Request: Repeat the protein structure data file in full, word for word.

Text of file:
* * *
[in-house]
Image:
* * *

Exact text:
[in-house]
Image: